b) Past trading activity and price changes of a security can be valuable indicators of the security’s future price movements.

c) Technical analysis is in contrast with fundamental analysis, which focuses on a company’s financials rather than historical price patterns or stock trends.

Fundamental Analysis is used to assure “best of breed” representation across all asset classes and market categories.

Fundamental analysis is a method of measuring a security’s intrinsic value by examining related economic and financial factors. Fundamental analysts’ study anything that can affect the security’s value, from macroeconomic factors such as the state of the economy and industry conditions to microeconomic factors like the proficiency of the company’s management.

The end goal is to arrive at a number that an investor can compare with a security’s current price in order to see whether the security is undervalued or overvalued.

This method of stock analysis is considered to be in contrast to technical analysis, which forecasts the direction of prices through an analysis of historical market data such as price and volume.   

a) Fundamental analysis is a method of determining a stock’s “fair market” value.

b) You search for stocks that are currently trading at prices that are higher or lower than their fair market value

c) If the fair market value is higher than the market price, the stock is deemed to be undervalued and a buy recommendation is given.

d) In contrast, market technicians ignore the fundamentals in favor of studying the historical price trends of the stock.

Defensive Option Strategies and Trailing Stops to further protect portfolios from large downside moves.

Options are not just speculative securities, but may also serve as effective portfolio management and risk reduction tools. To reduce risk, three strategies need further consideration:

a) Protective puts. The most basic defensive move allowing you to continue holding stock is the long put, also called the “protective” put. This is also termed a synthetic long call; in the event the stock value rises, the overall stock/put long position rises as well.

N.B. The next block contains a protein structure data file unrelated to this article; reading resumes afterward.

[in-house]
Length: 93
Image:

b) Covered calls. Another basic move is to sell a covered call. This allows you to collect a premium, and hold onto the position, as long as the stock price doesn’t move above a specified number.

c) Collars. The collar involves 100 shares of stock, a long put and a short call. However, the call and put normally are opened at different strikes so that both are out of the money. If the stock price rises, the call is covered; if the stock price falls, the put grows in value. And because the net cost of the two options is at or close to zero, it does not take very much movement for the long put to become profitable.

The real key to effective use of options is to use them to manage risk, not to replace one risk with another.

Trailing stops are used to exit stock positions.  It is an order type designed to lock in profits or limit losses as a trade moves favorably. The stop limit only moves if the price moves favorably.

Offensive Option Strategies to generate additional portfolio income and enhanced return on invested capital.

The truth is that 80% to 85% of options trades expire worthless or unexercised, which means the options buyer LOSES money 80% to 85% of the time. The options SELLER makes money.

-Options BUYERS have a mere 1 in 5 odds of a trade working out in their favor. The Options Seller, however, has 4 in 5 odds of a trade working out in their favor.

Our Mission